Title: The Arrival
Author: Shaun Tan
First Published: 2007
Publisher: Arthur A. Levine Books
Source: Library | Sheila's review was what compelled me to pick this book right away
In a nutshell
A man gives his wife and daughter a last kiss and boards a steamship to cross the ocean. He's embarking on the most painful yet important journey of his life- he's leaving home to build a better future for his family.
Shaun Tan evokes universal aspects of an immigrant's experience through a singular work of the imagination. He does so using brilliantly clear and mesmerizing images. Because the main character can't communicate in words, the book forgoes them too. But while the reader experiences the main character's isolation, he also shares his ultimate joy.
What more can I say about this book that has been raved about a lot already?
On finishing this book, I realized I had a narrow opinion of how pictures can tell a story. I was looking at them in isolation. I wasn't counting on the interconnection between several pictures to do the story-telling, when a single picture isn't enough. And Shaun Tan uses this technique really well. I was very impressed by this book. Without using words, Shaun Tan creates a world that could be anywhere. Even the language used by the characters in the book is not English. In fact, the reader doesn't even need to understand the words, edit, the reader shouldn't understand the words.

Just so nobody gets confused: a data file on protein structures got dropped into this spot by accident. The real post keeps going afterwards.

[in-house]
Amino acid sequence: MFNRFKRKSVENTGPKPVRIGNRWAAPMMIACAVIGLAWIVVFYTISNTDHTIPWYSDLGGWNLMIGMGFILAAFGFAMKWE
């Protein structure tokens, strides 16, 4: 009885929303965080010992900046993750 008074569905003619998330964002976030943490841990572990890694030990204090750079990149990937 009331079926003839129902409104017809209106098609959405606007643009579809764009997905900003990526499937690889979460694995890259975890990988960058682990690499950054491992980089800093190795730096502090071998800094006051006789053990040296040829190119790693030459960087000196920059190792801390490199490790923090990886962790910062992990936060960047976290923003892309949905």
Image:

Over the next few days, we see this nameless man (and rightly so) meet up with previous immigrants, who share what they went through in their old hometowns. We see how this man embraces his new life, as he tries to adjust. As he starts looking for a new job, we see how his lack of knowledge of the new place's language becomes hindering. The pictures very well convey how he struggled to understand the customs of the new place, and how he adapted over time.
I strongly recommend this book. This was a new experience for me, reading, rather seeing the pictures. I found this book in the juvenile section of my library. That's fine, but somewhere I read that this book could be read to kids of 5-7 years of age. I'm not entirely sure of that. To actually enjoy this book, you need to understand what Shaun Tan is trying to tell through the strange world. This is the kind of book I will return back to a few more times, since there is so much being told in each picture.
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